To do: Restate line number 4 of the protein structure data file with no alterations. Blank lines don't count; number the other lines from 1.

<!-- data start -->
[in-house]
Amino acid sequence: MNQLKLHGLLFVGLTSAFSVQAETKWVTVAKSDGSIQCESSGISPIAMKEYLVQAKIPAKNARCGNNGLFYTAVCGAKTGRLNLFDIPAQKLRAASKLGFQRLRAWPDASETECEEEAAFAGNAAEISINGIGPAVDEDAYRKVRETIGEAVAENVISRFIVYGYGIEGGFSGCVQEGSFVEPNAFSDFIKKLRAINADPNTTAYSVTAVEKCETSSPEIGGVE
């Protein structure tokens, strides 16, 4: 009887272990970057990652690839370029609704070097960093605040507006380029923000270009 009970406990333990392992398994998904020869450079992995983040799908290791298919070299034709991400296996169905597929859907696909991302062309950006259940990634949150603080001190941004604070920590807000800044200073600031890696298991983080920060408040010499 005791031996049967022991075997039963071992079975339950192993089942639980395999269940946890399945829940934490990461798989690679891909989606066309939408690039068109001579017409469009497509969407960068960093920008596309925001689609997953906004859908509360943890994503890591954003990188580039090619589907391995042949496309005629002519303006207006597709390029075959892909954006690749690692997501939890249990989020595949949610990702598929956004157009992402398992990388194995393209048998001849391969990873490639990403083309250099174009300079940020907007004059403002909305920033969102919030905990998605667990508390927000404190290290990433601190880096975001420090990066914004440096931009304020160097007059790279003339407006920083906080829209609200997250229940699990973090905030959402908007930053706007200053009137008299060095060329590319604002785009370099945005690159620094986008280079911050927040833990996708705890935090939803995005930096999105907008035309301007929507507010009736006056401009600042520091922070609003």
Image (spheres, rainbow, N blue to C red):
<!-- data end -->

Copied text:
Image (spheres, rainbow, N blue to C red):